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    Thursday, June 03, 2004

    Questions for the Sages: A reader and frequent contributor to post ideas asks:

    What is your plan for our fractured and soon to collapse health care system?

    Well, if I had an easy answer I'd be running for office. But, my correspondent answer his own question:

    I think Brad DeLong's is correct that Kerry's proposal to effectively offload catastrophic health care coverage onto the government is a good one. I'm more skeptical about its workability in practice - the stakeholders with their snouts in the health care trough are rather powerful. I worry frankly that any non-nuclear health care reform (which would likely fail unless the people had taken to the streets or the rest of big bizness had finally gotten smart) will just get loaded up with more and more pork for the lovers of the free market as it sails through congress.

    A rather smart person recently clarified the whole health insurance issue to me -- what we call health insurance in this country has little resemblance to actual insurance, and thinking about it as an insurance problem largely muddies the issue. What we have is a health care delivery industry, with little divide between the providers of health care and the providers of health insurance. It's all one tangled mess, and the incentives are completely skewed across the board.

    An exception is catastrophic insurance, which could be more like traditional insurance if it were chiseled off. Perhaps if a clean bill could get through congress Kerry's plan is a good first step. Still, I suspect that it'll just provide another way for the health care industry, one way or another, to suck some more taxpayer dollars.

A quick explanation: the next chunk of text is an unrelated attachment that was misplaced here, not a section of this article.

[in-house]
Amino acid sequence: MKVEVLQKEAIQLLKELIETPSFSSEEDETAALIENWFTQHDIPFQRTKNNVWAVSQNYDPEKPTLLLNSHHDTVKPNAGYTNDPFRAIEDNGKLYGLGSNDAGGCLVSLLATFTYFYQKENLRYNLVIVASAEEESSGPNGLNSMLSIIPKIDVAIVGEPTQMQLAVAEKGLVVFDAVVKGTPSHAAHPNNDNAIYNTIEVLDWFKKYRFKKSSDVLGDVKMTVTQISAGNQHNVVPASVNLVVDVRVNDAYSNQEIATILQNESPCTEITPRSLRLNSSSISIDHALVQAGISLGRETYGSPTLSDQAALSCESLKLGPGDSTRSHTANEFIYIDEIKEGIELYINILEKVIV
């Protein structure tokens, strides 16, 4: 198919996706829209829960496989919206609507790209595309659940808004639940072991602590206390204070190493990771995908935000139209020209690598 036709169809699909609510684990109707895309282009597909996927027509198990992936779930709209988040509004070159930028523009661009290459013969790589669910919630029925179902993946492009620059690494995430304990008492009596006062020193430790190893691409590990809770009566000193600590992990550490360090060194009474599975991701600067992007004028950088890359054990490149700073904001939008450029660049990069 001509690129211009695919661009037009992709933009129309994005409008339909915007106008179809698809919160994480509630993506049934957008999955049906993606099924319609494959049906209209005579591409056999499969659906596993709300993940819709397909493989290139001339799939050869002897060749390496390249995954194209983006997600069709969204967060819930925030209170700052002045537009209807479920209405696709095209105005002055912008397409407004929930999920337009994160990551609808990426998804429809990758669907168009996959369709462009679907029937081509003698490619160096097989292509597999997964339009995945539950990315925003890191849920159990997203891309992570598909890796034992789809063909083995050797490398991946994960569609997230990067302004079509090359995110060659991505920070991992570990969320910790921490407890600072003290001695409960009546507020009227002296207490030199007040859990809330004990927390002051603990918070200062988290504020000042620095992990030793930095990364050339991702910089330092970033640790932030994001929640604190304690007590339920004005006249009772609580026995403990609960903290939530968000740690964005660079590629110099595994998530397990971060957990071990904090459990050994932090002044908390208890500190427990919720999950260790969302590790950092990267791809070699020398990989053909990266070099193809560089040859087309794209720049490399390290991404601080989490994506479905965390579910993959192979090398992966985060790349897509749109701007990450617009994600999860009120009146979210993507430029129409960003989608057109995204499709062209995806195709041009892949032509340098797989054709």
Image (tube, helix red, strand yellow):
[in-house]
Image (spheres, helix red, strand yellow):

He's exactly right about the skewed nature of our system. I would add, however, that the one thing that skews it the most is the complete disconnect between the consumer and the payer. When insurance companies pay for every screening test regardless of its usefulness, when they pay for every risk-reducing drug, no matter how high the price or how low the risk reduction, then there's no incentive for either the provider or the consumer to choose responsibly. And when the insurers don't pay, there's sure to be some activist group lobbying for a law somewhere to make them pay for it. It's too easy to cast the payer as withholding coverage for greed's sake. The result is that insurance companies (and government programs like Medicare) end up paying for things of dubious benefit.

    For example, Medicare now covers routine colonoscopies to screen for colon cancer (that is, colonoscopies on asymptomatic people), which around here go for $2,000 each. Now, there's no doubt that colonoscopies find small polyps before they become cancer, and therefore save lives, but are they worth the cost? Especially when you consider that the vast majority of them will be normal? That kind of cost/benefit analysis is best left up to the individual, and that kind of cost/benefit analysis only works when the individual has to pay the $2,000 himself. If doctors had to explain to their patients why they needed to pay $2,000 to have a telescope snaked through their colon, then we'd have a better incentive to make sure our evidence for recommending it is solid.

    Colonoscopies are just one example. The medical profession has been on a reckless recommendation spree these past ten to fifteen years (ever since preventive medicine has been covered by insurance companies), making all kinds of recommendations to minimize small risks at astronomical costs - from cholesterol-lowering medication to prevent heart disease in the healthy and cholesterol unchallenged, to stricter diabetic control with more and more medication, to screening for prostate cancer with a badly flawed blood test, to encouraging mammograms in young, low-risk women. And that's just in preventive measures. If you consider the reckless abandon with which some of us prescribe expensive routine medications such as antibiotics and blood pressure medication when cheaper equally effective alternatives exist, the problem is even worse. If we had to answer to our patients for the costs and benefits of the screening procedures and treatments we recommend, we'd make more responsible, and cost-effective recommendations. And in the process, we'd be serving our patients better.

    In the end, I agree with DB. We need a system in which the patient bears some financial responsibility for the routine medical costs. It's the only way we'll ever rein them in.

    posted by Sydney on 6/03/2004 10:12:00 AM 0 comments


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